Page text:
Is there a good book to self study calculus?

In summary, these books are good for self-study if you have a strong background in algebra and trigonometry.
  • #1
FeyStein
6
1
Hi, I am looking for a way to self study calculus. I am an eighth grader doing more than grade level stuff, so I am a COMPLETE beginner and need a book which starts with like the 'abc's' of calculus. I know geometry, Algebra 1 & 2 really well, but am not the best at Trig or Precalc, so if there are books to do like a crash course on the topics, that'll be great too, but I am focusing on calculus right now.
 
  • Like
Likes theBin
Physics news on Phys.org
  • #2
Trigonometry is ever so important in Calculus. Calculus is like a pot of soup where parts of algebra, geometry, and trig all come to work together. Pre-Calc is a good teaser on what calculus will be like, so you should try that too. I've already recommended this for another person, but try the fifth edition of Trigonometry by McKeague and Turner. It's very simplistic.
 
  • #3
@ProfuselyQuarky Thank You so much
 
  • #4
  • #5
Ssnow said:
Here there is an Insight with title:

''How to Self Study Analysis. Part I: Intro Analysis''

See in:

Reference https://www.physicsforums.com/insights/

I prefer to recommend my insight on how to self-study calculus here.
 
  • Like
Likes Ssnow
  • #6
FeyStein said:
Hi, I am looking for a way to self study calculus. I am an eighth grader doing more than grade level stuff, so I am a COMPLETE beginner and need a book which starts with like the 'abc's' of calculus. I know geometry, Algebra 1 & 2 really well, but am not the best at Trig or Precalc, so if there are books to do like a crash course on the topics, that'll be great too, but I am focusing on calculus right now.
There are since late 1960s, an increasing number of good books for self studying/teaching (infinitesimal) calculus _not to be confused with "analysis"_. Are supplied, inside the book or within a student solutions manual, all the solutions to the exercises, problems & quizes; this criterion excludes the majority of the best textbooks on calculus. _______Second criterion: understanding of all the notions in math and physics of secondary school. _______3th criterion, first year college math prior to calculus, a.k.a. pre-calculus, discrete mathematics ect. _______4th, also learn the stack of notions of the hyperbolic trigonometry.______________________Then you can, on Amazon web sites (.com , .fr ,...), seek for the books on calculus and examine the critics/commentaries. Apostol's old book has presented calculus together with linear algebra. Harold M. Edwards' old book "Advanced Calculus: A Differential Forms Approach" could be your second book to read; only the solutions of odd number problems are supplied. And if you pursue in this most excellent self studies of calculus, don't hesitate to buy a recent book without any solution to the assigned exercises/problems, "Advanced Calculus: A Geometric View" by James J. Callahan. Three others books sould be purshased as complements: 1) "How Round is Your Circle?: Where Engineering and Mathematics Meet" by J. Bryant & C. Sangwin (to be read after your pre-calculus notions); 2) "The Mathematical Mechanic" by M. Levi; 3) "A Geometric Approach to Differential Forms, 2/e" by D. Bachman.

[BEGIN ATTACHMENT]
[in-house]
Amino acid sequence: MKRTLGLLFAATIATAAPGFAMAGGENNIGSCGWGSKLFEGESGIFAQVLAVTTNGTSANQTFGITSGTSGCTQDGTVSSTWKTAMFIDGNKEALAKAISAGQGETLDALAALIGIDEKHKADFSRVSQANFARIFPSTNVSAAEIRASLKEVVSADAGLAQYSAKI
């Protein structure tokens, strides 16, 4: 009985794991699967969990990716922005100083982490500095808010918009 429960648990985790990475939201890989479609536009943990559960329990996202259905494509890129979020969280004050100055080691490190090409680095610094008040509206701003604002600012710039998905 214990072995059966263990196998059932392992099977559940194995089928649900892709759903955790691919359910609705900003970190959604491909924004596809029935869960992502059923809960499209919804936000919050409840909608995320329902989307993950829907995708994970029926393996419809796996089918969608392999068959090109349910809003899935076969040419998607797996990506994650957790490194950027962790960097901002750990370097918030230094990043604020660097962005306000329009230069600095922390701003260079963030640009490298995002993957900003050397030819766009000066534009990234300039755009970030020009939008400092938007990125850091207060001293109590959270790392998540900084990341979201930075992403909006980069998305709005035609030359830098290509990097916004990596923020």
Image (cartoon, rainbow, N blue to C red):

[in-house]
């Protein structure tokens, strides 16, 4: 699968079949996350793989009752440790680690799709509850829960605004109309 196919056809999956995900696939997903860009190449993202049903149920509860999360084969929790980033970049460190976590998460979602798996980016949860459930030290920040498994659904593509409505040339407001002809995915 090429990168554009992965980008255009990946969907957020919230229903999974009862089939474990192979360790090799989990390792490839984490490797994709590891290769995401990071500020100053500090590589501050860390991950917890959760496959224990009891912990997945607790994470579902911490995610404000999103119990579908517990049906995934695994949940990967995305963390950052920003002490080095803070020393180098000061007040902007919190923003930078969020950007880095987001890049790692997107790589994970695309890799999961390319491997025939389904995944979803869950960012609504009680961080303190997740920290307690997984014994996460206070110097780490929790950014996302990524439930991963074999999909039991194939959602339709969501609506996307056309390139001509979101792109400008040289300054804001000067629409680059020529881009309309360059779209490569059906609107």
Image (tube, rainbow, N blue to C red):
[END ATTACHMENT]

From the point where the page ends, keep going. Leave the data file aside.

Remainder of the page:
• Like
Likes Joker93
  • #7
FeyStein said:
Hi, I am looking for a way to self study calculus. I am an eighth grader doing more than grade level stuff, so I am a COMPLETE beginner and need a book which starts with like the 'abc's' of calculus. I know geometry, Algebra 1 & 2 really well, but am not the best at Trig or Precalc, so if there are books to do like a crash course on the topics, that'll be great too, but I am focusing on calculus right now.
In nowadays' math, infinitesimal calculus may be compared to a big numerical-control machine-tool! If you wish a much simpler and shorter plan of studies in calculus, here is a low-cost suggestion. "Technical Calculus with Analytic Geometry" by Judith L. Gersting; 528 pp 6.14" x 9.21": ISBN-13: 9780486673431. It contains 6 credits of post secondary education in calculus for technology students with a background in algebra and trigonometry. Answers to all practice problems are given at the back of the book, many with worked-out solutions. Paperback + eBook: 25.25 $US, in the USA.